As noted above, one of the benefits of PhotoRescue is that you can download a free trial version to evaluate a digital media card. The software will show you thumbnails of all photos that were located and that can therefore be recovered. In other words, you don’t need to pay for the software until you know it will be able to recover your lost photos.

PhotoRescue is offered in both a “Wizard” and “Expert” version. For most users I recommend the “Wizard” version as being the easiest to use.

Condensation Redux


Today’s Question: [As a follow-up to a question earlier this week about condensation risks when bringing your camera in from the cold] Any suggestions for the opposite time of year, a cold room on vacation going out into the heat of the day? You said a couple hours to adjust, but when on vacation that isn’t always an option. I have read that you shouldn’t leave the camera in a car because it gets too hot.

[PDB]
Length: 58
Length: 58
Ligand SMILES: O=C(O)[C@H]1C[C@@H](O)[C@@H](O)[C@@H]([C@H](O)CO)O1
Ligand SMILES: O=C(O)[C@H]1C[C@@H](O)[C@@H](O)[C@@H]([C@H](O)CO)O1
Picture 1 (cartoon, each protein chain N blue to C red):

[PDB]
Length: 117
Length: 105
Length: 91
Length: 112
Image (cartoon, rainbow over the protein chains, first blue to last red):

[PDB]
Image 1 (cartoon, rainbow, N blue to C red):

Tim’s Quick Answer: The key to minimizing condensation on a camera is to have the temperature of the camera match the air temperature. Therefore, you want to take steps to keep the camera warm, since a cold camera brought into relatively warm and humid air is likely to result in condensation.

More Detail: The first thing I would do in this type of situation is try to make sure that the camera doesn’t get cold in the first place. For example, keeping the camera in a well-insulated bag (or adding insulation to the bag) can help keep the camera a bit warmer. You could also increase the temperature of the air conditioning, or turn off the air conditioning an hour or two before you’ll be leaving.